Harvard Law School Library

Bracton Online -- English

Previous   Volume 4, Page 60  Next    

Go to Volume:      Page:    

[001] when he has sued out his pone, and when the tenant essoins himself his essoiner withdraws
[002] sine die; the demandant cannot thereafter resume his plea by another pone
[003] and transfer it again from the county to the great court, because there is no plea in the
[004] county since it was once transferred thence, [as [in the roll] of Easter term in the
[005] ninth year of king Henry in the county of Huntingdon, [the case] of William Hatecrist
[006] and Robert de Wassingely,1 in which the same Robert, the tenant, withdrew without
[007] day from that plea, which had been transferred from the county by a second pone.]
[008] and it must therefore be begun de novo. A plea is also transferred to the great court of
[009] necessity at the petition of the demandant because of the tenant's privilege not to
[010] answer concerning any plea except before the king himself or his chief justice, a privilege
[011] the Templars and Hospitallers and many others have.2 If they answer despite
[012] their privilege, they cannot repent and withdraw, as [in the roll] of the eyre of the
[013] Abbot of Reading and Martin of Pateshull in the county of Worcester in the fifth year
[014] of king Henry.3 In general any plea is transferred from the county court of necessity
[015] where it does not have power to determine the plea, as when bastardy is objected or
[016] the like. And so because of difficulty in giving judgment,4 and in many other ways.
[017] Similarly, pleas are transferred before the justices itinerant at the petition of either,
[018] without any payment for the pone,5 from barons' courts. And finally, note that in
[019] connexion with a plea by the little writ [of right] in the demesnes of the lord king no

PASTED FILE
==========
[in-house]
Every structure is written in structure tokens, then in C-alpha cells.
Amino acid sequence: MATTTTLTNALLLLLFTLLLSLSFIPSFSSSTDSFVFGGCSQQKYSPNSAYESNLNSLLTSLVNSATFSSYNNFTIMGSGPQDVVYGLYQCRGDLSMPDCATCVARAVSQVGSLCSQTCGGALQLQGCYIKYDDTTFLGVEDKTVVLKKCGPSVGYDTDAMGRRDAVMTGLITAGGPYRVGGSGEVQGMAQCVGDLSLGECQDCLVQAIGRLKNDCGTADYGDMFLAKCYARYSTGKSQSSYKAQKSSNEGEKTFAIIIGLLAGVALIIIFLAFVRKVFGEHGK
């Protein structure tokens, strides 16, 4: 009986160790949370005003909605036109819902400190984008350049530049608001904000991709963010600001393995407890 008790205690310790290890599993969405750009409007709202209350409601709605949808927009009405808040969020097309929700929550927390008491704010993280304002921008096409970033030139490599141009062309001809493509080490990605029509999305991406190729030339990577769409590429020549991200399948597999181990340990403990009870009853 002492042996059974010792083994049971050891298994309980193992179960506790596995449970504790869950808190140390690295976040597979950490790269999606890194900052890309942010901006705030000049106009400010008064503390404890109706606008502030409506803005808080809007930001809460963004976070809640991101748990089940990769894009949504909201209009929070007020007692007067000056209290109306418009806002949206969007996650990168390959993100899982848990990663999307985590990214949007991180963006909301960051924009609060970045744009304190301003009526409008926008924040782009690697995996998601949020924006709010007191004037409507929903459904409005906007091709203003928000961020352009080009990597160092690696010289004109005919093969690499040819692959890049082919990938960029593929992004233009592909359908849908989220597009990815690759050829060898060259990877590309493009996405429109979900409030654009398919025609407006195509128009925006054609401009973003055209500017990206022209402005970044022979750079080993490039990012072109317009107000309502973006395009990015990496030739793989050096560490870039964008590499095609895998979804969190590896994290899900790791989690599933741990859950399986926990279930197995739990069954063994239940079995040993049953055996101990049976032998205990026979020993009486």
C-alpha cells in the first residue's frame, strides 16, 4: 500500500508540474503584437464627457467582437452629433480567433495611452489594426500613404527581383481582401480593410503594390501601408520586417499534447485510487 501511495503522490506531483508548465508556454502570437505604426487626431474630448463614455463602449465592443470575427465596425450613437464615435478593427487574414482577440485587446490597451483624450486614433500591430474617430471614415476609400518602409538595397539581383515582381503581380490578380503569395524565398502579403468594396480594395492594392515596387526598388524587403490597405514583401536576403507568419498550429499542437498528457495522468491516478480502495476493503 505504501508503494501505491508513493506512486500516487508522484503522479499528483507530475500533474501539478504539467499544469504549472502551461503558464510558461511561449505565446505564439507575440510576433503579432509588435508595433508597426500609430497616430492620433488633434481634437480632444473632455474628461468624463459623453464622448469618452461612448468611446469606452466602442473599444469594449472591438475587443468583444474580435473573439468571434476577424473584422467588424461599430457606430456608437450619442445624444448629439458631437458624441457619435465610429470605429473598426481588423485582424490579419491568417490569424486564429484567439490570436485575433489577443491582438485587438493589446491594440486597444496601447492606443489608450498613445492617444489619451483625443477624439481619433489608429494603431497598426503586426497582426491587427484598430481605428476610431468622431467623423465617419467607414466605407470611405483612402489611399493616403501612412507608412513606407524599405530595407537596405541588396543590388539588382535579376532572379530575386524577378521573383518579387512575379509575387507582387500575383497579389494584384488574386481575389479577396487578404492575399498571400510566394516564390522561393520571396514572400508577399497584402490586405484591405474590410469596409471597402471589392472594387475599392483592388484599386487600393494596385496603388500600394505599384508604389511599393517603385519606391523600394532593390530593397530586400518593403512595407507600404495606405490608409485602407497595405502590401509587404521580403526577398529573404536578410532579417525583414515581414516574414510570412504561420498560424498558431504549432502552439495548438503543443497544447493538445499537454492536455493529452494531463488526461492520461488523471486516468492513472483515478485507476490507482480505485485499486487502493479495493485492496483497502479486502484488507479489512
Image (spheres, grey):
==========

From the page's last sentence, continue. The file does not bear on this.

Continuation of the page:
[020] pone lies. A plea is also transferred from the county to the court because of a false or
[021] foolish judgment.

Because the duel is waged contrary to the custom of the realm.

[023] ‘The king to the sheriff, greeting. Put before our justices etc. the duel waged in your
[024] county court between A. the plaintiff and such hundreds with respect to a certain
[025] judgment given concerning the same A. as to beasts taken and detained against gage
[026] and pledges, as the same A. says, and as to which he complains that the duel was
[027] waged wrongfully and contrary to the custom of our realm. And in the meantime
[028] cause a record to be made where the aforesaid duel was waged and have it before the
[029] aforesaid justices etc. on the day aforesaid by four lawful knights of your county who
[030] were present at that record. And summon etc. four lawful knights of your county who
[031] were present at that record, and in addition four lawful knights of each of the aforesaid


1. B.N.B., no. 1079; not in C.R.R. xii, but roll extant

2. Supra ii, 302, infra 280

3. Selden Soc. vol. 53, no. 980 (sidelined); not in B.N.B.

4. Infra 129

5. Om: ‘Et eodem modo’

Contact: specialc@law.harvard.edu
Page last reviewed April 2003.
© 2003 The President and Fellows of Harvard College